So was the 5-4 ruling allowing a similar mandate requiring health care workers at facilities receiving federal money to be vaccinated. That mandate applies to workers at hospitals and other health care facilities that participate in the Medicare and Medicaid programs, and was issued through the Secretary of Health and Human services. The governing statute gives the Secretary the general power to issue regulations to ensure the “efficient administration” of the Medicare and Medicaid programs, and generally authorizes him to impose requirements to protect the health and safety of patients. Since the power “falls within the authorities that Congress has conferred upon him,” the majority wrote that the mandate “fits neatly within the language of the statute.” In both cases, the Court’s majority chose to follow the law without distorting it for convenience or ideological purity. Republicans were not happy with Justices Roberts and Kavanaugh joining the progressive bloc for a narrow 5-4 confirmation of the health care facility ruling: they wanted a full-scale slapdown for Biden. Progressives, meanwhile, refused to accept the legitimacy of the rejection of the OSHA power grab. “The Justices sided with Covid-19!” wrote lawyer and author Jonathan Carmel in the Times Opinion page. Never mind that OSHA didn’t have the statutory power, this is a crisis! SCOTUS needs to get with the program! It is a the a typical argument behind every suspension of law and rights when the totalitarians take command. On the Rationalizations List, this is #31: The Troublesome Luxury: “Ethics is a luxury we can’t afford right now.”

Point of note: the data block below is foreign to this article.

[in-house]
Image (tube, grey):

3. Can you say “compassion”? “Empathy”? “Proportion”? How about “fairness”? Judge? Hello? 31st District Judge Alexis G. Krot told Burhan Chowdhury that his failure to maintain his lawn was inexcusable, and that he belonged in jail. 72-year-old Chowdhury had been having difficulty with yard up-keep after being diagnosed with cancer three years ago. His wife injured her back, and during a period of three months when their son was out of the country, the weeds and grass got out of control. After Chowdhury struggled to breathe as he explained to the judge that he was “very weak” and unable to clean up the grass that had overtaken the property over the summer, she told him, “You should be ashamed of yourself! If I could give you jail time on this, I would….The neighbors should not have to look at that. You should be ashamed of yourself!”